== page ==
Loyal readers of цarьchitect probably know that I hate the official name of the neighborhood I grew up in, North Cleveland Park “Wakefield.” Hopefully, that name will finally die. But my grouchiness about this coincided with an interest in the way that architects determine, delineate, and represent the concept of place. The goal of renaming an insignificant neighborhood in DC did dovetail nicely with my less modest plans to overturn planning and real estate practice.
So, the stupid name I did not know until I was 23 forms the starting off point for this discussion. That name lacks the lacecurtain cachet of “North Cleveland Park” or the actual uniqueness of “Tenleytown.” It’s a white-bread name reminiscent of too many other suburban developments. And, in fact, most of the area West of Connecticut Ave, North of Albemarle St., and East of Nebraska Ave was developed shortly before World War II and is one of the last areas to be developed as a tract in DC.
Because this name and others in the area came with the developments, neighborhood names tend to be bounded by major roads. Yet the centers of community and busy commercial areas. So, residents have ended up with indistinct locations bearing forgotten names and very popular ones with no names but provisional monikers, like “Comet Corner” and “Van Ness.” Or, according to City Paper, the area consists of Upper Caucasia, Connecticut, and Subarubia.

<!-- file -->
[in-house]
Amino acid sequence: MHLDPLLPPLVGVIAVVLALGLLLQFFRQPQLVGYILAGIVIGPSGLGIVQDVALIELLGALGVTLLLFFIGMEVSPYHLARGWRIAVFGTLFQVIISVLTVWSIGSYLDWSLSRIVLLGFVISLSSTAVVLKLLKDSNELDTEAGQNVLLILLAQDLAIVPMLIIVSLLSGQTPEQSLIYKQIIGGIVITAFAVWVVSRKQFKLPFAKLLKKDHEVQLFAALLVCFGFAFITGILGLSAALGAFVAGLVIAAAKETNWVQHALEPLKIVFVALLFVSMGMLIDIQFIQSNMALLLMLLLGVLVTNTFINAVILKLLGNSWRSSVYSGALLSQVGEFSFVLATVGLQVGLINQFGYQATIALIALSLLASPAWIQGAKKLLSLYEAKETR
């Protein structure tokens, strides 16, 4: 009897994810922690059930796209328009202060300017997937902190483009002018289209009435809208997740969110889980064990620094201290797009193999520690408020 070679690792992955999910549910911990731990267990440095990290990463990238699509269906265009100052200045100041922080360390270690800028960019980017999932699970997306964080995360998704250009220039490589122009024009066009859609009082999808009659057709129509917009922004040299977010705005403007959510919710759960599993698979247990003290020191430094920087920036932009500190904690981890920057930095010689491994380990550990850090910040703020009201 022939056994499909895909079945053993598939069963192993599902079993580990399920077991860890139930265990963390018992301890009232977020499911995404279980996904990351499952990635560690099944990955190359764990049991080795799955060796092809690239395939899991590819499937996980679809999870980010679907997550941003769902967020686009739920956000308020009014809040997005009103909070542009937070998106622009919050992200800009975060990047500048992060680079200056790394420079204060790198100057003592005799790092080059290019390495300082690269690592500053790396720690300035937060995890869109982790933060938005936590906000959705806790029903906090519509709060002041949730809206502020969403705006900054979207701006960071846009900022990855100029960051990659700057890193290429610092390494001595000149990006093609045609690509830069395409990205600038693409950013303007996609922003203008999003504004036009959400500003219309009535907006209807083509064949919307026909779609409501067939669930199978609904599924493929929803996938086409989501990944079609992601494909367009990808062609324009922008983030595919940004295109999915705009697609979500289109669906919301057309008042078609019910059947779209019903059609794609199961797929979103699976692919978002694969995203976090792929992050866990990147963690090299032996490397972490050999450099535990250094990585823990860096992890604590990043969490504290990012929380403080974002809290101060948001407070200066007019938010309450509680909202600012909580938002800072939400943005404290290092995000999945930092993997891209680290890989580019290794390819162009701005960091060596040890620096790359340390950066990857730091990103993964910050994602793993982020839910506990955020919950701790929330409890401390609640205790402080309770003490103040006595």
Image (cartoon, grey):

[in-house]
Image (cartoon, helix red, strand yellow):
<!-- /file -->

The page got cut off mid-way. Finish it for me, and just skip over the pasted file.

People have been attempting to name the area between Chevy Chase and Cleveland Park for over a century. Tenleytown may have grown up around John Tennally’s Tavern, but family names like Nourse and Dryer have disappeared from maps. In the late 1900s, the first developers came along and tried to add Armsleigh Park, Colorado Heights, Mount Airy, and Gizor. What seems to make a difference in whether the names stuck or not is whether the neighborhood has a clear social and commercial center. Tenleytown and Georgetown have such places. Forest Hills and AU Park do not.